Disease-Resistant Ornamental Cherry Trees
- East Asian cherry
- North Japanese hill cherry
- Manchurian or Amur chokecherry
Does Black Knot Spread to Other Cherry Trees?
Yes, the spores of the fungal disease can be spread by the wind during spring, where they can easily land and germinate on another cherry tree.
Young new shoots or branches become infected, and the fungus develops over months with no visible symptoms.
Can a Tree With Black Knot Be Saved?
Trees infected with black knot can be saved by pruning diseased growth before applying a fungicide in dry weather (ideally when temperatures are above 60°F).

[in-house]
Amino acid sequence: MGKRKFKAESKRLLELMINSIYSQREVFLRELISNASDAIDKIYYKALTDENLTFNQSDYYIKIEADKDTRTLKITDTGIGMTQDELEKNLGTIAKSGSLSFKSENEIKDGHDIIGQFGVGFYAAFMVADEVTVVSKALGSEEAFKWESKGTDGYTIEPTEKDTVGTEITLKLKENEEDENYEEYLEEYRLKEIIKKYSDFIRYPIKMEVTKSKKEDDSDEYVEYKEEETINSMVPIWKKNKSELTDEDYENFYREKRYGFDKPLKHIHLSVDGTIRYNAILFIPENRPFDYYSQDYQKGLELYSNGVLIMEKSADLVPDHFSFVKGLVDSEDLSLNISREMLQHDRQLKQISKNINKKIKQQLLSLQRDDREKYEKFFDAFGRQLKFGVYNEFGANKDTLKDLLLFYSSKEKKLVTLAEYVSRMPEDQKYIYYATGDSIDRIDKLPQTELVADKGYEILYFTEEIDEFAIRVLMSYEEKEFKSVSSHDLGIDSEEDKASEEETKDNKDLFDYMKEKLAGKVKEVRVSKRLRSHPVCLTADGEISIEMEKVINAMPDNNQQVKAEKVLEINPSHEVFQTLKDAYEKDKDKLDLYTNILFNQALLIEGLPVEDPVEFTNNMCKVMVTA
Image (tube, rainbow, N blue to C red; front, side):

Be sure to disinfect pruning tools before and after use and between cuts to prevent further disease spread. If untreated, black knot will spread and kill the trees.
In summary, cherry tree black knot disease thrives in humid and rainy spring weather and typically hides its developing growths behind leaves.
The trick to managing the infection is to catch the growth before it becomes large enough to engulf twigs and branches, and even then, whole branches may be pruned off entirely to help save your tree.
You can also do your bit to prevent the survival of fungal spores by keeping a clear and ventilated area beneath your cherry tree, planting disease-resistant varieties, and applying organic fungicide before leaf and blossom bud to stay one step ahead of the disease.
The more knowledge you have in regard to dealing with cherry tree problems, the better equipped you’ll be to handle issues when they arise. Learn about these problems next: